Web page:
Your job title begins with “Chief” so I am fairly certain that at some time you have participated in a workshop or meeting which involved a discussion of Vision, Mission and Values or perhaps something similar using the most recent branding vernacular. I’m often surprised and sometimes taken aback when I work with clients and they regard this as a chore and a challenge. I won’t dwell on the mission and values too much in this column because while they are important, they don’t define the heart and soul of an organization in the way that Vision does.

Occasionally leaders are born visionaries and know their life’s purpose from the day they begin their enterprise, others evolve and hone their vision using a regimented set of processes and some are surprised when their purpose comes to them one day in a flash of inspiration. However it happens, all leaders should have a crystal clear expression of their vision driving them forward every day right? Well… in my experience not necessarily. It seems odd that smart, senior, driven executives often struggle to articulate the world they dream of seeing as a result of their endeavors. Let’s explore why that might be…

Many leaders see vision as a target. In a day-to-day world driven by goals and KPI’s they feel comfortable talking about defined parameters of time, resources and results. Vision requires us to let go of those constraints and think in a different way. Goals and milestones are “SMART” (specific, measurable, attainable, relevant and time-bound), vision is by definition almost none of those things. Take Disney’s vision as an example – “let’s make the world happy” – there’s no timeline or scale of measurement there (unless you count “the world” as a defined quantity!) and it’s certainly not attainable, but it does provide shared purpose, direction, accountability and inspiration.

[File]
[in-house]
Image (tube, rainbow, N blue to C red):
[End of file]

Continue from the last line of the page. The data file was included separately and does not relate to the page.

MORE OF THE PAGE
When Purple Asia works with clients, we always begin with this quote as a roadmap:

      Vision Requires Courage

Big ideas, enterprises, products, and services are sustained by organisations who have the ability to imagine what others cannot see and the tenacity to deliver what they believe is possible.
Behind every successful brand are leaders who inspire others to see the future in a new way.

CEO’s and leaders I have met in this dynamic market are definitely brave, and yet many of them seem fearful of making that leap of faith to express their inspirational vision of the future. I think sometimes they feel that externalizing that bold statement may be interpreted as arrogant or pushy. A client recently said “that doesn’t feel like us”, but when pushed they agreed that it did sound like who they would like to be. A vision statement isn’t about who you are today or what you will do at work next week, it’s about the future you would like to see.


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